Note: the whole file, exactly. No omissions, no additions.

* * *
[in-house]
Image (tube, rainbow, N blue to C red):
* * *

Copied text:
[in-house]
Image (tube, rainbow, N blue to C red):